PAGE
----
Todd Snider: Agnostic Hymns & Stoner Fables bio
Todd Snider is on the happy back end of happy hour at a favorite East Nashville bar,
talking about his new album Agnostic Hymns & Stoner Fables. “This record doesnʼt
come from good times,” Snider says. “I wanted to sound the way I feel, which
sometimes means sounding like a broken soul.”
On the 10 new songs, Snider doesnʼt talk around the vulnerable part, or the angry part,
or the part about how everything weʼre taught about goodness and righteousness and
capitalism, about God and family values winds up exploding into violence and chaos,
wonder and longing. He might carry the mantle of “storyteller” – itʼs what he titled his live
record, after all – but Agnostic Hymns & Stoner Fables is anything but a nice,
folk/Americana troubadour album.
Itʼs not a nice anything.
It is jagged, leering, lurching and howling, and filled with unhappy endings both
experienced and intimated: “It ainʼt the despair that gets you, itʼs the hope,” he sings in
the album-closer, “Big Finish.” That Agnostic Hymns & Stoner Fables is also roaringly
funny is tribute to Sniderʼs unique sensibilities, and to his standing as what Rolling
Stone magazine calls “Americaʼs sharpest musical storyteller.” Anguish without laughter
is boring, like intensive care without morphine, and Snider has never been within 100
miles of boring. Also, he didnʼt earn the attention, friendship and fandom of American
musical giants like Kris Kristofferson and John Prine by writing mopey protest songs.
Anyway, these arenʼt protest songs and theyʼre not meant to incite class warfare
(though he knows they might anyway). Theyʼre populated mostly by losers in the midst
of losing, with a couple of spotlight appearances from the humbly anointed 1 percent. At
albumʼs outset (“In The Beginning”), Snider credits the church with sustaining peace by
noting that “We still need religion to keep the poor from killing the rich.” From there, itʼs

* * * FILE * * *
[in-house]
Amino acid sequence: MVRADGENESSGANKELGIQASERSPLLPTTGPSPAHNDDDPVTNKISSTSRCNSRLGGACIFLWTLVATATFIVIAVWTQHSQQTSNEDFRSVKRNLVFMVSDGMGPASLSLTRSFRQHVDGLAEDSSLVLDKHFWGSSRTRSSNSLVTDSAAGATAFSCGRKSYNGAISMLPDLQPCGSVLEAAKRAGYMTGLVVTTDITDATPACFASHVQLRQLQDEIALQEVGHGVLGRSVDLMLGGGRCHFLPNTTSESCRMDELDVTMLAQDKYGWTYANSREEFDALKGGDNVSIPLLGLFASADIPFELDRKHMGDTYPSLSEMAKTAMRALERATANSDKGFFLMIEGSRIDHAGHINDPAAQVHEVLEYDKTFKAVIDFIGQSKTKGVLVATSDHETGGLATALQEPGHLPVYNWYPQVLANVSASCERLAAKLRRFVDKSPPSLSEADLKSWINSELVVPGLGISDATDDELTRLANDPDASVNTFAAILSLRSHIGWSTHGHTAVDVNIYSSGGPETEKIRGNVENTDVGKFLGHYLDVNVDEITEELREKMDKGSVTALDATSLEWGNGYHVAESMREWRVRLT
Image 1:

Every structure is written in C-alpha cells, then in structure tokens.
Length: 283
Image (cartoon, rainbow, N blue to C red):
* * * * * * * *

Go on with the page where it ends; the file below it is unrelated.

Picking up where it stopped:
on to the certainty of warped karma (“Good things happen to bad people,” he sings in
“New York Banker.”), to a remarkable reworking of “West Nashville Grand Ballroom
Gown” (possibly the albumʼs most acerbic song, and from the pen of Jimmy Buffett...
no, really), and a slew of stories inspired by the world at large, writ small and barbed, in
a manner both penetrating and empathetic. Thereʼs one happy love song, called
“Brenda,” about Sniderʼs favorite couple, Keith Richards and Mick Jagger.
“I admire that relationship a lot,” Snider says. “What Mick and Keith have is real, and it
canʼt be touched and it canʼt be beat. Iʼve never met them, but I believe in the Rolling
Stones. Thatʼs who I think about at Christmas, anymore. They opened their hearts and
gave us so much. And they tried to be true to each other.”
Musically, Snider and co-producer Eric McConnell sought a sound that mirrored the
times and that didnʼt replicate anything theyʼd done together on critically acclaimed
works East Nashville Skyline, The Devil You Know or Peace Queer. With McConnell on
bass and Snider playing guitar and harmonica, they gathered a core band of
percussionist Paul Griffith, violinist/vocalist (and gifted songwriter) Amanda Shires, and
keyboard player Chad Staehly, along with guest guitarist Jason Isbell and harmony
vocalist Mick Utley, and offered up a sonic mission.
“I told them I wanted to make a mess,” Snider says. “That was the goal.”
And so a handful of accomplished musicians set about making a mess. And did so.
Shiresʼ violin is the call-and-response heroine to Sniderʼs lyrics, filling the role Scarlett
Rivera filled for Bob Dylan on Desire. Only messier. Meanwhile, Griffith makes like
some off-kilter offspring of Keith Moon and Zigaboo Modeliste while Sniderʼs guitar
plays lead switchblade.
The result is something disconcerting, cracked and wholly original. Itʼs something that
stands apart from the music of Sniderʼs heroes, and from Sniderʼs own, muchcelebrated
past. Agnostic Hymns & Stoner Fables is Sniderʼs 12th album (14th, if we
count a “best of” set and a collection of B-sides and demos), and it uses its
predecessors not as a compass but as a trampoline. Snider found different song forms,
different inspirations (from Alaska neʼer do well Digger Dave to Chicago Mayor, former
White House Chief of Staff and friend..... no, really..... Rahm Emanuel) and different
means of expression. He paints a world where begging turns to mugging, where
investment turns to ruin, where babies grow into felons, where honesty is blunt trauma:
“Wish I could show you how you hurt me in a way that wouldnʼt hurt you, too,” he sings.
And thereʼs no way.